Long Beach Comic Expo: Five Things We Love About Small Conventions
See more photos in Dianne Garcia's gallery "Long Beach Comic Expo 2011."
As fan conventions gain increasingly more mainstream attention, with focus leaning towards the biggest events of the year, it might be easy to forget the smaller gatherings dedicated primarily to comic books. On April 23, though, comic book fans headed towards the southern edge of Los Angeles County for the second annual Long Beach Comic Expo. An offshoot of Long Beach Comic and Horror Con (formerly Long Beach Comic Con), the one day event featured no hype, just a chance to pick up new reading material, learn a few things and maybe meet some of your favorite artists.
Long Beach Comic Expo, we should clarify, is tiny, despite the fact that it takes place at the Long Beach Convention Center. Instead of using the main exhibit hall that they open for the October event, artists and exhibitors set up in a ballroom. There were two meeting rooms set aside for panels. The crowd was roughly similar in size as what you might find at a hotel convention, but spread out in a large venue. As much as we love the excitement of the year's biggest conventions-- for Southern California residents, those are Anime Expo and San Diego Comic-Con, both of which take place in July-- Long Beach Comic Expo reminded us why we should never ignore the small ones.
At Long Beach Comic Expo, we spent some time talking with artists Nathaniel Osollo and Evan Spears, who were sharing a booth. Osollo is the creator of 140, a comic based on tweets sent to him. Spears is the co-creator of Chafed, a title that personifies the Internet. Later on, we bought a copy of the one-shot Deadtective and had the creators sign it.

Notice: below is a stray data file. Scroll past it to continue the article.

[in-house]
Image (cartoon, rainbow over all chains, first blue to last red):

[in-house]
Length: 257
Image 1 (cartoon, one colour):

As conventions grow larger and become more popular, up-and-coming artists can fade into the background. The cost of booths may become too expensive for artists without much financial backing. Sometimes sections usually reserved for independent and self-published comics can shrink, or are simply obscured by the massive swag offerings of large companies. Small conventions provide much-needed exposure for comic creators working outside of the mainstream.
2. You Can Be Spontaneous
One thing that happens every time we go to the larger conventions is that we make a game plan. We usually don't stick to the plan, but we make it anyhow. Writing down what booths you want to visit and what panels you want to see can help when you're dealing with sprawling venues and massive crowds.
At small conventions, though, you can play everything by ear. Space is easy to navigate and lines are almost non-existent. You don't have to tell yourself that you need to show up way too early just to get inside the venue or that you need to line up for the panel you really want to see hours beforehand.
Saturday morning, I figured I should check out a voice acting panel. It was at 11 a.m., which is kind of early considering that Long Beach is always much further away from me than I think it is. Regardless of the fact that I was running late, I was able to get through the non-line for a press badge and make it down to the panel just as it was starting. I can't imagine that happening at something like Anime Expo or SDCC.